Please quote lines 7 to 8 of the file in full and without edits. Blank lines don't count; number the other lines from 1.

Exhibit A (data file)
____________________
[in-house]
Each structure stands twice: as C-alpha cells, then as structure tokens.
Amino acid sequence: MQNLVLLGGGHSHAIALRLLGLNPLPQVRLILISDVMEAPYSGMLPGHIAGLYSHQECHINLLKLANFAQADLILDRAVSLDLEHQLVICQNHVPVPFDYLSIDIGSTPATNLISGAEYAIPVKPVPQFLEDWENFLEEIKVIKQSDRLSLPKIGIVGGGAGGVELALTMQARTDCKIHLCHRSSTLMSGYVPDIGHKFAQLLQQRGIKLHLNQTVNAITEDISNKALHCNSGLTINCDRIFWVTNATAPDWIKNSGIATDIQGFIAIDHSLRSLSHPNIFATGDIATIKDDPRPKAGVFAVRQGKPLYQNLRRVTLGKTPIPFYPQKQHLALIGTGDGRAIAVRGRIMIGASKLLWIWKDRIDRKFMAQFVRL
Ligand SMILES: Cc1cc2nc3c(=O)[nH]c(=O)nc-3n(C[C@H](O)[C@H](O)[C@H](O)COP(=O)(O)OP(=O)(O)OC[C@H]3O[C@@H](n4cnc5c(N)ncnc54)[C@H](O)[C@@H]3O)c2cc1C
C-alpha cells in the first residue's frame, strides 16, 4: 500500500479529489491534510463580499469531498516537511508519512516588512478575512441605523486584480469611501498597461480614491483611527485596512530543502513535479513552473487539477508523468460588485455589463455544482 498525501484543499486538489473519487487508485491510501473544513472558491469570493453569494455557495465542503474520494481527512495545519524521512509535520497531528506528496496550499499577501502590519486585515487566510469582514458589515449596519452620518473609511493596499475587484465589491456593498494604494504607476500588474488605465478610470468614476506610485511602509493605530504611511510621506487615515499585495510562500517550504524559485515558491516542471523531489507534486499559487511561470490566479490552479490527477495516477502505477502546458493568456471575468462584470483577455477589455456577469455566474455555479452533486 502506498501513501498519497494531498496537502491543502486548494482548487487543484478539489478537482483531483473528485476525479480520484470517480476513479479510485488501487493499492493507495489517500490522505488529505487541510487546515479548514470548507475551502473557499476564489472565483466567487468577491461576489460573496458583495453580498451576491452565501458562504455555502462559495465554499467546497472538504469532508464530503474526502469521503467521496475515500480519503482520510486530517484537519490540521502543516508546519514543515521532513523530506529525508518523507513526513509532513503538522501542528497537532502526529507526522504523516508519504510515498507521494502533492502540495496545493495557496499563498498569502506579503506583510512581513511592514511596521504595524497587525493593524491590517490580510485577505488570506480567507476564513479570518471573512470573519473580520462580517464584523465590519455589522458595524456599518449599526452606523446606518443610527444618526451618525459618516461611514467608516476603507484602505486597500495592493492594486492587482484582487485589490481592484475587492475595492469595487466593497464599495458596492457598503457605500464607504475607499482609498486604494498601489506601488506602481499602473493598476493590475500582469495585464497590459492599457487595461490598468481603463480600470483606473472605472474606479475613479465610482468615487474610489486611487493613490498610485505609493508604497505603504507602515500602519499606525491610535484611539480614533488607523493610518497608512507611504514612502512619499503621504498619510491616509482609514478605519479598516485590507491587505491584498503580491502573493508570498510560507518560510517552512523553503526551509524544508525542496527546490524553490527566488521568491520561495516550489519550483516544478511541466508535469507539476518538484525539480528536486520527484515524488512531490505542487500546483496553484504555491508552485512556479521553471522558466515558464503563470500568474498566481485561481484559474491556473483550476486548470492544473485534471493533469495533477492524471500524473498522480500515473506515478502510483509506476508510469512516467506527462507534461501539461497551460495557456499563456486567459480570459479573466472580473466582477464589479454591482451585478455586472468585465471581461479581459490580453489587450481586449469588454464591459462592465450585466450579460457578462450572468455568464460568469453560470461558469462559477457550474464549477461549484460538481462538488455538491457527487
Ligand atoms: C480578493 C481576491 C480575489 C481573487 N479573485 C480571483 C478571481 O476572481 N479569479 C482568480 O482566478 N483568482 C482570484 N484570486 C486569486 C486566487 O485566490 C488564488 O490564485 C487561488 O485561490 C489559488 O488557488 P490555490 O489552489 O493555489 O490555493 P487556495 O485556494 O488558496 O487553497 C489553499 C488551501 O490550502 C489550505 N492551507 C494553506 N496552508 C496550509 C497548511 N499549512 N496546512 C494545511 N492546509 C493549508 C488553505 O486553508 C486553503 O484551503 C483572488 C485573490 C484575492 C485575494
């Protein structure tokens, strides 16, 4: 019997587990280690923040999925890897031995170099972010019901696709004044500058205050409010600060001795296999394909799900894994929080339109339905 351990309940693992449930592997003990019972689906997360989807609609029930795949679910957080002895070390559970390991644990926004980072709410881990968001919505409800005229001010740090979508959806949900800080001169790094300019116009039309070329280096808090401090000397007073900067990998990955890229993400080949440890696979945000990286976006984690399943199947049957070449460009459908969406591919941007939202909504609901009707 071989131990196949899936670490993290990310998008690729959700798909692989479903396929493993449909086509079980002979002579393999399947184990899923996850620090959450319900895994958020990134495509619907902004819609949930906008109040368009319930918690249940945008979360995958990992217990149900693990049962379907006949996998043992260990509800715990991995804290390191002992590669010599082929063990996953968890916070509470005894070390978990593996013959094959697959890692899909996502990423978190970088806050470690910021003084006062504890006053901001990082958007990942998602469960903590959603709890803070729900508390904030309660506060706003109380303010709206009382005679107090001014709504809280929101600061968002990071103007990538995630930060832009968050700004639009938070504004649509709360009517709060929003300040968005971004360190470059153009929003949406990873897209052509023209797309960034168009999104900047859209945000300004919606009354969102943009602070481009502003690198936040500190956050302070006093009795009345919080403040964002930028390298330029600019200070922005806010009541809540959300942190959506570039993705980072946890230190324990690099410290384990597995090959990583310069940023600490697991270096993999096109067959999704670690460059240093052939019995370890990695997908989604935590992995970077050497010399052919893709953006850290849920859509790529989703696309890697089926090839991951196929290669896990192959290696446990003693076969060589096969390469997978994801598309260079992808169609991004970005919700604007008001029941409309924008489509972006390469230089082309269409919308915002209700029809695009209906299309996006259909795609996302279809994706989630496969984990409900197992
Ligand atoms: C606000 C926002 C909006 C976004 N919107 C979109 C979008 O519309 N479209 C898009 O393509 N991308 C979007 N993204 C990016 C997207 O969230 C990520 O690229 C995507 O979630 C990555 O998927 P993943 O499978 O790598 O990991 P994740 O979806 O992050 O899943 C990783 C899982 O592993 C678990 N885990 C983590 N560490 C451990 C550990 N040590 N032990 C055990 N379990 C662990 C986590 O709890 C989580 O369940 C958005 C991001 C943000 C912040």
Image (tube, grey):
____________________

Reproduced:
């Protein structure tokens, strides 16, 4: 019997587990280690923040999925890897031995170099972010019901696709004044500058205050409010600060001795296999394909799900894994929080339109339905 351990309940693992449930592997003990019972689906997360989807609609029930795949679910957080002895070390559970390991644990926004980072709410881990968001919505409800005229001010740090979508959806949900800080001169790094300019116009039309070329280096808090401090000397007073900067990998990955890229993400080949440890696979945000990286976006984690399943199947049957070449460009459908969406591919941007939202909504609901009707 071989131990196949899936670490993290990310998008690729959700798909692989479903396929493993449909086509079980002979002579393999399947184990899923996850620090959450319900895994958020990134495509619907902004819609949930906008109040368009319930918690249940945008979360995958990992217990149900693990049962379907006949996998043992260990509800715990991995804290390191002992590669010599082929063990996953968890916070509470005894070390978990593996013959094959697959890692899909996502990423978190970088806050470690910021003084006062504890006053901001990082958007990942998602469960903590959603709890803070729900508390904030309660506060706003109380303010709206009382005679107090001014709504809280929101600061968002990071103007990538995630930060832009968050700004639009938070504004649509709360009517709060929003300040968005971004360190470059153009929003949406990873897209052509023209797309960034168009999104900047859209945000300004919606009354969102943009602070481009502003690198936040500190956050302070006093009795009345919080403040964002930028390298330029600019200070922005806010009541809540959300942190959506570039993705980072946890230190324990690099410290384990597995090959990583310069940023600490697991270096993999096109067959999704670690460059240093052939019995370890990695997908989604935590992995970077050497010399052919893709953006850290849920859509790529989703696309890697089926090839991951196929290669896990192959290696446990003693076969060589096969390469997978994801598309260079992808169609991004970005919700604007008001029941409309924008489509972006390469230089082309269409919308915002209700029809695009209906299309996006259909795609996302279809994706989630496969984990409900197992
Ligand atoms: C606000 C926002 C909006 C976004 N919107 C979109 C979008 O519309 N479209 C898009 O393509 N991308 C979007 N993204 C990016 C997207 O969230 C990520 O690229 C995507 O979630 C990555 O998927 P993943 O499978 O790598 O990991 P994740 O979806 O992050 O899943 C990783 C899982 O592993 C678990 N885990 C983590 N560490 C451990 C550990 N040590 N032990 C055990 N379990 C662990 C986590 O709890 C989580 O369940 C958005 C991001 C943000 C912040």